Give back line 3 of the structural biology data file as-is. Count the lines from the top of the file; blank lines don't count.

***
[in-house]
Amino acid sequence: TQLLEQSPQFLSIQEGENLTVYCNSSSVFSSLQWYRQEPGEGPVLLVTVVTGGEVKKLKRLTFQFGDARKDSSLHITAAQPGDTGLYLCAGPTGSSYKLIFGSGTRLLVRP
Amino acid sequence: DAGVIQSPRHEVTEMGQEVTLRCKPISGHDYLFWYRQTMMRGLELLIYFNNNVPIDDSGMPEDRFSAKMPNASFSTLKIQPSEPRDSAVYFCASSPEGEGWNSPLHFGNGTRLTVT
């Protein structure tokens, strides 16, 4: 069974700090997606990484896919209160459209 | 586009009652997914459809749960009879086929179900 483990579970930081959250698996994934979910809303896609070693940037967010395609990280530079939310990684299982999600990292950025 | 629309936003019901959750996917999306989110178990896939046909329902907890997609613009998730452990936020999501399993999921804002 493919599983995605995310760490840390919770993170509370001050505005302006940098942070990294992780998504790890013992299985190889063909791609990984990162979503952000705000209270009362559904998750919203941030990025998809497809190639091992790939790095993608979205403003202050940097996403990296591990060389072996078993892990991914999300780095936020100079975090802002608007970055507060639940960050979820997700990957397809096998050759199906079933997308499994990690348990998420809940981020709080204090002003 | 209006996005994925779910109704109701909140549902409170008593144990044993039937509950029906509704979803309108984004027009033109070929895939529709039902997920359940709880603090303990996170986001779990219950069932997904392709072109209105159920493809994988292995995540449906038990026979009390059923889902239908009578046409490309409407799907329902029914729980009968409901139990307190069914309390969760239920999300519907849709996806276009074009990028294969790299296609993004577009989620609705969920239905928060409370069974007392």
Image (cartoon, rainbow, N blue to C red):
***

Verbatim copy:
Amino acid sequence: DAGVIQSPRHEVTEMGQEVTLRCKPISGHDYLFWYRQTMMRGLELLIYFNNNVPIDDSGMPEDRFSAKMPNASFSTLKIQPSEPRDSAVYFCASSPEGEGWNSPLHFGNGTRLTVT